Some quotes from an article in the Chronicle of Higher Education:
I like it because it encourages faculty members to think more carefully about what they do, how they do it, and why they do it that way. I like it because it helps raise questions about how our teaching strategies affect learning outcomes. And I like it because in the process, we discover more about how our teaching fits in with programs and curricula beyond our own courses. Good-quality assessment simply asks about our goals, our instructional procedures, and the link between both of those and learning.And now, for the rest of the story...
Assessment can help. It can teach faculty members to work together to teach and assess those learning goals. For example, many sociology programs stress the role of research methods across courses, but my interviews with students suggest that students generally fail to apply their knowledge of those methods in other courses. In part that happens because instructors do not reinforce such knowledge and skills. Assessing both the courses and students' knowledge will highlight such gaps and help transform their cumulative experience by encouraging instructors to improve both individual courses and the learning gained across courses.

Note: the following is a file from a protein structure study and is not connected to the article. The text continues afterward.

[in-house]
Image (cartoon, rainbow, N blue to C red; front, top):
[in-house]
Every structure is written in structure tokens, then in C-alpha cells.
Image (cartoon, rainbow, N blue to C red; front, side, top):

The entire department would benefit as all courses became part of a well-thought-out whole. Professors gain classes full of prepared students, and students report their highest levels of satisfaction and learning in departments where faculty members collectively assume responsibility for the entire curriculum and its assessment. It takes a village of engaged faculty to raise successful students. That same village can provide better assessment than can one designated person, and can make better use of the results.
Let's not do assessment just because it is mandated. Let's not do it to make accreditation agencies happy or because everyone else is doing it. Let's do it to improve learning.